“If the States may tax one instrument, employed by the Government in the execution of its powers, they may tax any and every other instrument. They may tax the mail; they may tax the mint; they may tax patent rights; they may tax the papers of the custom house; they may tax judicial process; they may tax all the means employed by the Government to an excess which would defeat all the ends of Government”.
In deliberately enumerating some many other actions that could follow, the slippery slope of finding for the State of Maryland is indicated, clearly showing that to allow such taxation would be detrimental to the workings of the government as a whole.
Steven Engel, in an article published by the Yale Law Journal, writing that one of the significant results of the decision in McCulloch vs. Maryland is in the crafting of the Fourteenth Amendment, saying “In drafting Section 5 of the Fourteenth Amendment, the Republicans borrowed explicitly from McCulloch in granting Congress the power to enforce the provisions of the amendment by appropriate legislation”. (Engel, 1999)
Specifically, the language of the fourteenth amendment states “The Congress shall have power to enforce, by appropriate legislation, the provisions of this article”. (Fourteenth Amendment) The significance of a court case leading to the construction of part of a Constitutional amendment is tremendous. Before, the State of Maryland could argue that no specific provision existed in the Constitution, to which the Supreme Court responded with the concept of implied powers. Now, with the influence of McCulloch v. Maryland on the formation of the Fourteenth Amendment, specific provisions existed for the Government to take the moves necessary to uphold the law of the land.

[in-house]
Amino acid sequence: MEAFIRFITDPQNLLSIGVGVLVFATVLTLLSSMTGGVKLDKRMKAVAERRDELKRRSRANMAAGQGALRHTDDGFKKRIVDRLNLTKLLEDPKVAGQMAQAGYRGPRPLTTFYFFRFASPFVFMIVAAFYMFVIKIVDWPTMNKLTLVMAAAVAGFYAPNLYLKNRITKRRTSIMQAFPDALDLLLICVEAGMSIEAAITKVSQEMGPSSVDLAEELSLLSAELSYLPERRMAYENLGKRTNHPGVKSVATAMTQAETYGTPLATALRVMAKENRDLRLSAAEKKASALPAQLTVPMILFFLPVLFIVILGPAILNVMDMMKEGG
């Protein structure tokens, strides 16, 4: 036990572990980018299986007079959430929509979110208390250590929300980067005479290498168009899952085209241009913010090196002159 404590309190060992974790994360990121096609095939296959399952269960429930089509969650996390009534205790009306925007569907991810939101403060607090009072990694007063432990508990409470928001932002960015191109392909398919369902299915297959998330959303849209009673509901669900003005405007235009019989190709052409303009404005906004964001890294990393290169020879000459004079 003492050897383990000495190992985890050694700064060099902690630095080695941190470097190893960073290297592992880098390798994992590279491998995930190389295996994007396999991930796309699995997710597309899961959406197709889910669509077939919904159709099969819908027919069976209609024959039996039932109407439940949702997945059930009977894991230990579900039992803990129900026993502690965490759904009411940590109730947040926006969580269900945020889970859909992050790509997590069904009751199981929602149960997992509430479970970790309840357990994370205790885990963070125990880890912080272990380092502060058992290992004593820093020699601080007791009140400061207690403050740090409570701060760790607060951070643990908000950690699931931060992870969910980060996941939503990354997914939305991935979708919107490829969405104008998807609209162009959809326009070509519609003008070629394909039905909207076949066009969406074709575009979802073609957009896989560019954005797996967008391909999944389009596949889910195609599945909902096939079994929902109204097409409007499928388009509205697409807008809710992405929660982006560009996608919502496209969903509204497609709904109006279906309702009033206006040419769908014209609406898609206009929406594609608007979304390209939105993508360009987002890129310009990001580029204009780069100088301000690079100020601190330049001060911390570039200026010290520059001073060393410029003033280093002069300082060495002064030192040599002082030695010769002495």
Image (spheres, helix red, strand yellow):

Martin Flaherty, in a journal article discussing the Supreme Court decisions of John Marshall, describes the Chief Justice as a judicial equivalent to Shakespeare, in the eloquent manner in which he wrote. He goes on to say, however, that Marshall was very firm in his view of “We the People”, as opposed to “We the States”. Whereas history teaches that the Constitution was a massive effort of the states to come together in agreement over laws for the country, Flaherty states that Marshall views the Constitution as a result of the work of the people.
He states, “The usual–and critical–corollary that follows holds that the national populace erred on the side of according power to the national government at the expense of the states, as McCulloch appears to indicate”. (Flaherty, 2002) This article indicates that the overriding impact of McCulloch v. Maryland on the society of the time as well as society today is that the people are stronger en masse than the states in which they happen to reside. This impact of empowerment carries through to the modern day, both in the case of individual people and of the collective people of the Federal government.
Although the decision in McCulloch v. Maryland was made almost 190 years ago, it is as significant now as it was then. Between establishing, firmly, the concept of implied powers as well as clearly holding the superiority of the Federal Government over state governments, it’s reach is far and long. Going far beyond the issue of banking, McCulloch’s legacy may be the empowerment of the phrase “We the People” and the impact that phrase has had on the citizens of this country for the past two hundred years.
Engle, S. (1999). The McCulloch Theory of the Fourteenth Amendment: City of Boerne V.
Flores and the Original Understanding of Section 5. Yale Law Journal, 109:1, 115.
Flaherty, M.S. (2002). John Marshall, McCulloch V. Maryland, and “We the People”: Revisions in Need of Revising. William and Mary Law Review, 43:4, 1339.
McCulloch v. Maryland. 17 U.S. 316 (1819).
U.S. Const., amend XIV, §5.